I was reading a post over on Ben Arment’s blog about the sociological factors that are involved in the expansion of the Christian religion, and it reminded me of this quote from Rodney Stark’s book “The Rise of Christianity“. I’ll include the preceding paragraph so you’ll know the context:
“At the height of the second great epidemic, around 260, in the Easter letter already quoted above, Dionysius wrote a lengthy tribute to the heroic nursing efforts of local Christians, many whom lost their lives while caring for others.”
Most of our brother Christians showed unbounded love and loyalty, never sparing themselves and thinking only of one another. Heedless of danger, they took charge of the sick, attending to their every need and ministering to them in Christ, and with them departed this life serenely happy; for they were infected by others with the disease, drawing on themselves the sickness of their neighbors and cheerfully accepting their pains. Many, in nursing and curing others, transferred their death to themselves and died in their stead…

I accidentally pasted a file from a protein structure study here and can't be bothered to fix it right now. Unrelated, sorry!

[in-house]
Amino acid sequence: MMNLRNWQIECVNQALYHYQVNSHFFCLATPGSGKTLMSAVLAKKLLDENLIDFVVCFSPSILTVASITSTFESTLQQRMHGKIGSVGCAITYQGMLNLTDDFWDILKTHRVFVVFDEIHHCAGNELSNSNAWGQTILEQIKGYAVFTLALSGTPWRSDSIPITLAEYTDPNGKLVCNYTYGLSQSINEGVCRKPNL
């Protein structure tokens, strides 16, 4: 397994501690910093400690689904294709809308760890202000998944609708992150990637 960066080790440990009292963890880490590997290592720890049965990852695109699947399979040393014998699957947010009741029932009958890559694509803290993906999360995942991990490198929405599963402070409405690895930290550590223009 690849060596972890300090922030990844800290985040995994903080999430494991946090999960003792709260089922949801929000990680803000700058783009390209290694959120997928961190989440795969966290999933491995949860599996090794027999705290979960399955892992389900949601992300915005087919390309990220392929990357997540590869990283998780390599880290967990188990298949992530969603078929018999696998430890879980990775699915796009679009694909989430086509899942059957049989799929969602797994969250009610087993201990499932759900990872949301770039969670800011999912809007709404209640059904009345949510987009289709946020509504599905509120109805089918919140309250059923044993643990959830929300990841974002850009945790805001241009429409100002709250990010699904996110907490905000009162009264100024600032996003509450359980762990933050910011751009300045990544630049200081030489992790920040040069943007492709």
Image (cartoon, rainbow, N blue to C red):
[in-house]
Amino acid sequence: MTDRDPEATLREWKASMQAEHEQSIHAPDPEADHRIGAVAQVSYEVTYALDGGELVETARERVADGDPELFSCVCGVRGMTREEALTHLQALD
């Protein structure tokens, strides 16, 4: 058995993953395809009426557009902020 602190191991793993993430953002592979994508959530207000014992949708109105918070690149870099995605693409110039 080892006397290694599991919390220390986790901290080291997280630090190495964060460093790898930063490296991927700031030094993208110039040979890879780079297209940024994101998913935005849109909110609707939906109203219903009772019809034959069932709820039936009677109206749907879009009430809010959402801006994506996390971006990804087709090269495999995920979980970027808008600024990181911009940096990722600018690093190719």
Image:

When everyone else ran for the hills in fear, the Christians followed the Golden Rule. When everyone else was about self-preservation, Christians were about everyone else.
Perhaps the ultimate hope of the local church has very little to do with marketing. Perhaps it will have more to do with the small things we do with great love. Perhaps it was a good idea for Matthew Barnett to use an old hospital for their Dream Center.
4 thoughts on “Heedless of Danger”
favorite blog post to date
after sitting through two days of hearing all sorts of ministry plans from areas throughout our church, I couldn’t agree with this more. I am more encouraged by what the local church can do to help the hurting and reach the lost than ever before.
it’s about more love. more grace. more compassion. more of Him.
Trevor, take a day off. Maybe two.